In my follow up letter it explains that my endometriosis was stage III, something which surprised me given that it hadn’t been picked up in my previous lap and how i had been dismissed so many times.

So all in all from when i first saw my GP aged 15, it has taken almost 8 years to get an official diagnosis. Ladies, don’t give up fighting to find out what is wrong with you.

Kerry x

P.S this is just a brief history of what i have gone through, there were many tests, many scans, many doctors and hospital visits. I wanted to try and keep it as minimal as possible though as to not bog you down. I will cover other things in new posts.

My story…Part 1

This is probably going to be very long and boring but i will try and keep it simple. 

My problems first started when my periods began when i was around 13, from the moment they started they were heavy and painful. My mum told me this was normal and that’s just how things were. When i was 14 i fainted in a cookery lesson, dragging a carving knife with me and cutting my lip open. I fainted because of the pain i was in during my period. This now seems to be usual for me, fainting or being sick are sadly quite common during my period. It wasn’t until then that my mum started taking me seriously, i started the pill, microgynon which helped for a little while but i missed lots of time of school and really struggled to lead a normal teenagers life, but i continued this way for some time. It wasn’t until i met my ex bf, Russell, that things really started to become a problem. Sex was painful, really painful, and then one day i started bleeding heavily during sex and especially after orgasm. Russell wasn’t sympathetic and made me feel like i was a freak. My bleeding became heavy to the point i leaked all onto his white carpet and also through my tampon, pads and eventually onto a fabric chair at college. I have never felt so embarrassed in my whole life. The pain was unbearable and the bleeding became persistent despite continuously taking the pill. I went back to my GP who basically told me it was normal and i would grow out of it, i was to try a different pill and see how i got on. During this time i broke up with Russell, he was unsupportive and made me feel like a weirdo. 

Soon after i met Mike, my current wonderful partner. Mike made me realize that what i was going through was not normal. Bleeding for months at a time and bleeding during sex etc and agonizing pain that led to fainting was not normal. 

However i was still being ignored by my GP’s who dismissed my symptoms despite them interfering with my life. I was studying to be a nurse and had to give it up due to pain and depression. I become a healthcare assistant working in a busy A&E unit, i loved it but my health was really taking its toll. One day i woke up in agony and the GP referred me to the surgical team at the hospital as he thought i had appendicitis, after 3 days of lying in pain and waiting for them to decide what to do with me they performed a laparoscopy, my appendix was fine but they found Endometriosis. I had never heard of this disease before and the surgeons weren’t helpful either, i was told i had it and to go to my GP. Obviously i googled it and was quite clearly mortified. Words that stood out were ‘incurable’ and ‘infertility’. I was only 20 and felt like i would never have babies and my life would always be like this. It was strange though as at the same time i felt some relief, i finally had a idea as to why i had been in pain so many years, i thought i could finally get help…..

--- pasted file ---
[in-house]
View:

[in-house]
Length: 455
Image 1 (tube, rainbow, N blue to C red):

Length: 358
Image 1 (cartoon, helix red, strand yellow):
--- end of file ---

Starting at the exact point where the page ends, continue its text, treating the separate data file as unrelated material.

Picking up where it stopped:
I will continue this blog post on another page 🙂 

Kerry x

Introducing Endometriosis

I am covering just the basics of endometriosis in this opening post so I won’t go in depth into treatments as I feel that they deserve there own pages.

So where do I start? The crippling periods at age 13, the painful intercourse at 17 or the chronic fatigue and exhaustion at 23?

I have a disease called Endometriosis, I know trust me it is as complicated as it sounds. If you want to say it it sounds something like this end-oh-mee-tree-oh-sis.

I will give you a brief run down of what Endometriosis is and some if its varied and painful symptoms.

So every month us women go through certain hormonal changes, the womb lining increases in preparation for a fertilised egg, if you happen to not be pregnant your womb lining will happily shed away and cause a week of crimson misery for most of us. With Endometriosis the cell reacts the same way but are located outside the womb, so each month the endometrial cells grow, then break down a bleed however unlike a period the blood has no way of leaving the body. Still with me? This process of growth and break down leads to inflammation, pain and in some cases a thing called adhesions which is basically internal scar tissue. It can also occur on the ovaries causing things called chocolate cysts, yup they look like big balls of melted chocolate, lovely huh?